View Poll Results: Does the word democracy upset you?

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  • Yes

    3 11.54%
  • No

    21 80.77%
  • Not Sure

    1 3.85%
  • Other

    1 3.85%
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Thread: Do you get upset at the word democracy?

  1. #91
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    When presidential candidates campaign to win the electoral votes of closely divided battleground states, such as in Ohio and Florida, under the state-by-state winner-take-all rules, the big cities in those battleground states do not receive all the attention, much less control the outcome. Cleveland and Miami certainly did not receive all the attention or control the outcome in Ohio and Florida in 2000 and 2004.

    The population of the top five cities (New York, Los Angeles, Chicago, Houston and Philadelphia) is only 6% of the population of the United States and the population of the top 50 cities is only 19% of the population of the United States. Even if one makes the far-fetched assumption that a candidate could win 100% of the votes in the nation's top five cities, he would only have won 6% of the national vote.

  2. #92
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    The National Popular Vote bill

    The National Popular Vote bill would guarantee the Presidency to the candidate who receives the most popular votes in all 50 states (and DC).

    Every vote, everywhere, would be politically relevant and equal in presidential elections. Candidates would need to care about voters across the nation, not just undecided voters in a handful of swing states.

    The bill would take effect only when enacted, in identical form, by states possessing a majority of the electoral votes--that is, enough electoral votes to elect a President (270 of 538). When the bill comes into effect, all the electoral votes from those states would be awarded to the presidential candidate who receives the most popular votes in all 50 states (and DC).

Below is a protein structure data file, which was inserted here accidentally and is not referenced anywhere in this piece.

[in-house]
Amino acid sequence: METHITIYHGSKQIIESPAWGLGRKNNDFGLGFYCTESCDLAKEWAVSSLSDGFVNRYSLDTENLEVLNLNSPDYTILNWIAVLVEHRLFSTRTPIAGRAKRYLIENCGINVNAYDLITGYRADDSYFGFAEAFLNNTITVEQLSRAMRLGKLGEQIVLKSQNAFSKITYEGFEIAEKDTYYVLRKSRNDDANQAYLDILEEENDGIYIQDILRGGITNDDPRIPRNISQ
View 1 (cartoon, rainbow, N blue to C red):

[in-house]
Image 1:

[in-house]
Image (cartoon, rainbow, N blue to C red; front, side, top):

The bill uses the power given to each state by the Founding Fathers in the Constitution to change how they award their electoral votes for president.

    The bill is currently endorsed by over 1,707 state legislators (in 48 states) who have sponsored and/or cast recorded votes in favor of the bill.

    In Gallup polls since 1944, only about 20% of the public has supported the current system of awarding all of a state's electoral votes to the presidential candidate who receives the most votes in each separate state (with about 70% opposed and about 10% undecided). The recent Washington Post, Kaiser Family Foundation, and Harvard University poll shows 72% support for direct nationwide election of the President. Support for a national popular vote is strong in virtually every state, partisan, and demographic group surveyed in recent polls in closely divided battleground states: Colorado-- 68%, Iowa --75%, Michigan-- 73%, Missouri-- 70%, New Hampshire-- 69%, Nevada-- 72%, New Mexico-- 76%, North Carolina-- 74%, Ohio-- 70%, Pennsylvania -- 78%, Virginia -- 74%, and Wisconsin -- 71%; in smaller states (3 to 5 electoral votes): Alaska 70%, DC 76%, Delaware --75%, Maine -- 77%, Nebraska -- 74%, New Hampshire --69%, Nevada -- 72%, New Mexico -- 76%, Rhode Island -- 74%, and Vermont -- 75%; in Southern and border states: Arkansas --80%, Kentucky -- 80%, Mississippi --77%, Missouri -- 70%, North Carolina -- 74%, and Virginia -- 74%; and in other states polled: California -- 70%, Connecticut -- 74% , Massachusetts -- 73%, Minnesota 75%, New York -- 79%, Washington -- 77%, and West Virginia- 81%.

    The National Popular Vote bill has passed 29 state legislative chambers, in 19 small, medium-small, medium, and large states, including one house in Arkansas, Connecticut, Delaware, Maine, Michigan, Nevada, New Mexico, North Carolina, and Oregon, and both houses in California, Colorado, Hawaii, Illinois, New Jersey, Maryland, Massachusetts, Rhode Island, Vermont, and Washington. The bill has been enacted by Hawaii, Illinois, New Jersey, Maryland, and Washington. These five states possess 61 electoral votes -- 23% of the 270 necessary to bring the law into effect.

    See National Popular Vote -- Electoral college reform by direct election of the President

  3. #93
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    Re: Do you get upset at the word democracy?

    Quote Originally Posted by MSgt View Post
    It wasn't invented. Copernicus discovered it behind Neptune in the 4th century.
    Oh, I thought it was invented by Leonardo in 1224 BCE .

  4. #94
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    Re: Do you get upset at the word democracy?